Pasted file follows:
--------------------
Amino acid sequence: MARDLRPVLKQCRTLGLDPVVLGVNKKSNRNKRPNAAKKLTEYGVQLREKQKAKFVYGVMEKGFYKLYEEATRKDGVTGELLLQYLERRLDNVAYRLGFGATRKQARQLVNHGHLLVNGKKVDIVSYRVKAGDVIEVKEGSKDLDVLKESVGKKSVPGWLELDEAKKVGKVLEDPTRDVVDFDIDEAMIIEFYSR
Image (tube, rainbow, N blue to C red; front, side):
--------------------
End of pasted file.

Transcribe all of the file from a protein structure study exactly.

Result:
Amino acid sequence: MARDLRPVLKQCRTLGLDPVVLGVNKKSNRNKRPNAAKKLTEYGVQLREKQKAKFVYGVMEKGFYKLYEEATRKDGVTGELLLQYLERRLDNVAYRLGFGATRKQARQLVNHGHLLVNGKKVDIVSYRVKAGDVIEVKEGSKDLDVLKESVGKKSVPGWLELDEAKKVGKVLEDPTRDVVDFDIDEAMIIEFYSR
Image (tube, rainbow, N blue to C red; front, side):